The trade relationship with Sivakasi is one of the important factors behind the growth and development of paper based industry in Kunnamkulam. The beginning of educational institutions in between 1837 and 1898. When we analyse the beginning of English schools from 1837 to 1898, we can see that the number of schools started in Thrissur, Kunnamkulam, and Irinjalakuda was about 7 out of 15 in the Cochin State. The establishment of schools in and around Kunnamkulam during this period may have encouraged the development of this industry.

The new wave of digital printing which has grown in this part has been led from the forefront by young entrepreneurial establishments like Colorscan .[2]


Kadavallur, Chowannur and Arthat, the nearby places of Kunnamkulam had a rich cultural background. Kadavallur is well known throughout this coast as being the place where Nambudiris of the Thrissur and Tirunavaya Yogams compete for superiority in Vedic proficiency. In Chowannur, there was a Sabha Madom, an endowed college where Sanskrit education was given. Arthat was the chief center of Orthodox Christians. The Arthat St. Mary's Cathedral Church(Arthat Valliyapally) is the main church in the town. All these contributed a cultural rising up in the area which later on helped the development of the publishing industry. These published books were sold during Guruvayur Ekadasi. When the temple was open to all Hindus and a good amount of trade taken place at that time.[2]

Line Houses

A particular residential replica ‘line houses’ (angadi pura {veeducal}), is seen in Kunnamkulam area. The streets of these houses are exceedingly narrow. The ‘Line Houses’ are built in 3-5 cents of land on both sides of the street. The front room of the house functions as shops while rear rooms was used for residential purpose. There used to be rear yards for every so called ‘Angadi pura” (town house) which was used for processing of their agricultural products.[1][2] [6]

Kunnamkulam angadi


Kunnamkulam is famous for its religious harmony as Hindus, Christians and Muslims live here. The religious tolerance of Kunnamkulam people can be seen from the “Ambala Palli - St.Matthias Church’(loccated at south Bazar) which is temple converted to a church where in, the temple character can be seen in the church entrance.[1][2]

MOSQUES: There are four Mosques (Muslim prayer halls) in Kunnamkulam town:

1. Lower parayil near Bhavana theatre

2. Wadakkanchery road near Byju theatre.

3. Guruvayoor road opposite complex

4. Town bus stand, Yatheem Khana building (no Friday Prayer)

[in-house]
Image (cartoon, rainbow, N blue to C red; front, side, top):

TEMPLES: 1. Lord Siva temple- Thrissur road. Managed by Guruvayoor devaswom.

2. Kakkad temple. Near Majistrate court.

3. Kizhur Temple.Kizhur

4. Panthallur

5. Cheeramkulam Devi temple.Chemmannur (between Anaikkal and Arthat.)

6. Annakulangara.Near Kanippayyur Post office.

7. Subramannya temple -Anjoor road Thekkeppuram

8. Sreeramaswami temple chiralayam.

9. Makkalikkavu Devi Temple, Thekkeppuram

10. Subramanya swamy Temple, Kaniyampal

11. Kavilakkad temple, Chittanjoor

12. Parkadi Temple, Anjoor


  • Arthat St. Mary's Cathedral Church (Arthat Valliyapally), AD 52. It was the first church founded by St. Thomas.
  • Kunnamkulam St. Lazarus Orthodox Old Church.
  • Kunnamkulam St. Thomas Orthodox New Church.
  • Arthat St. Mary's Orthodox New church (Tomb of St. Sleeba Mor Osthatheos)
  • Kunnamkulam Main Road St. Gregorios Orthodox church
  • Kattakambal St. Ignatious Orthodox church.
  • Adupputty St. George Orthodox church(Feast of Adupatty church called as Kunnamkulam Pooram)
  • St. Lazarus Orthodox church chiralayam
  • St. Paul's CSI Church,
  • South Bazar St Mathiyas Orthodox Church (Looks like Temple, so it is known as Ampalam pally.)
  • St. Mary's Orthodox Syrian Church Pazhanji Pazhanji Church (also known as Pazhanji Palli,[7]
  • Pazhanji Brethren Assembly
  • Disciples Tabernacle
  • Akikavu St. Mary's Orthodox church
  • Bethany Church
  • Kottol church
  • Pengamuck St. Peter's and St Paul's Orthodox Church
  • Pengamuck Mar Baselios Mar Gregorios Orthodox church
  • Malabar Independence Syrian Church, Thozhiyoor
  • Mar Joseph Church,Chaldean Syrian Church,Kunnamkulam
  • St. George Orthodox Syrian Church, Mele Parayil Kunnamkulam

See also


  • Roman coins of Eyyal: Archeologists have unearthed a collection of old Roman coins at Eyyal. These coins date from 123 AC to 117 AD. They are currently exhibited in the Archeological Museum of Thrissur.[8]


  1. ^ a b c "National Urban Observatory". Town & country planning organization. Retrieved 2010-12-04. 
  2. ^ a b c d e f g h "The problems and prospects of paper-based industry in Kunnamkulam". Rajeev G. Retrieved 2010-12-04. 
  3. ^ [2]Falling Rain Genomics, Inc - Kunnamkulam
  4. ^ "Profile". Janasevana Kendram. Retrieved 2010-12-07. 
  5. ^ Ottapalam Constituency website
  6. ^ "Kunnamkulam PinCode". Retrieved 2014-05-19. 
  7. ^ "St. Mary's Orthodox Syrian Church Pazhanji". Pazhanji Palli. Retrieved 2013-12-01. 
  8. ^ "Keralathile Sthalanama Charithram" of Sri. V. V. Valath, and "Makothai Pattanam" written by Sri V. T. Induchoodan, in the Mathrubhumi Annual, 1970.